June 24, 2009
Into the Light
All spring semester, as the Friendly Green Conference was approaching, my friends were exchanging emails to coordinate our conference plans. “Which field trip did you sign up for?” and “Who are you rooming with?” and most importantly, “Whose turn is it to pose naked for jo(e)?”
Blogger Who Got Naked for Me the First Time We Met and Who Has the Word Leash in the Title of Her New Book argued persuasively that we needed more male models.
It’s true that few of my male friends have posed for the blog. Oh, they like to TALK about getting naked, and they joke with me about the naked photo project, but when it comes right down to it, they somehow never get around to stripping their clothes off.
It’s an interesting gender pattern I’ve noticed so far in the conversations about this project. When women hear that I’m taking naked photos, they will jump quickly from the usual jokes into serious discussion about their bodies: we talk about cultural taboos in the communities we grew up in, the effect of religion on body image, the way that our consumer culture promotes body hatred, and the way we have come to terms with our bodies as we get older. Even when I don’t have my camera with me, just talking about nude photos leads to discussions that get intimate after about half a sentence. Women I’ve never met before will approach me and share heart-wrenching stories.
The pattern with men has been different. The idea of getting naked usually leads to a whole lot of jokes. Sometimes we get into deep conversations, but the discussion tends to be very intellectual – quoting studies and scientific data – rather than a sharing of personal feelings and history. If we talk long enough and I push hard enough, an individual man might turn and say something to me that just gives me a glimpse into how he feels about his body, but it’s a sentence or two, just a quick statement, an aside to just me and not the whole group. For the most part, I’ve been discussing this project with men and women over the age of 35 so I’m curious as to whether I’d find this same gender difference with the younger generation, who have presumably been socialized differently.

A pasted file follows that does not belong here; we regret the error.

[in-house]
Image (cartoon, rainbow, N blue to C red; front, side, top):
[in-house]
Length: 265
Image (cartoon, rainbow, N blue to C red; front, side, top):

Interestingly, the age of the model – male or female – seems to influence how comfortable a person is with posing naked. You’d think, by Hollywood standards, that the young grad students at the conference, with their toned youthful bodies, would be the quickest to strip their clothes off for the camera. But no. It’s actually the opposite. The older the person, the more likely he or she will take her clothes off.
That’s perhaps the most promising thing I’ve noticed so far. The older we get, the more comfortable we get with our bodies. This idea completely defies the premise of the fashion industry, the cosmetic industry, and pretty much every television commercial or magazine advertisement I’ve ever seen. When it comes to our bodies, older is better. Being comfortable with our bodies comes with experience. “It makes sense,” said Conference Friend Who Doesn’t Have a Pseudonym Yet when we were discussing this issue. “The more books you read, the more hikes you take, the more sex you have – it’s all good.”
The photo for this post took all of two minutes to take. Jempé, who chose his own pseudonym and who is far older than he looks in this photo, agreed to pose naked for me only minutes after Blogger From Maine introduced us. Without hesitation, he stripped off his clothes and stepped into the light of a staircase while I snapped the photo. Later, when I saw him (fully clothed) at a plenary session, he came over to hand me his card and suggest a title for the post. For the rest of the conference, I kept pointing him out to my male friends as a role model to follow.
(Readers who want to know the history of the naked photo tradition can check it out here and here and here and here and here and here and here and here and here and here and here and here and here.)
Posted by jo(e)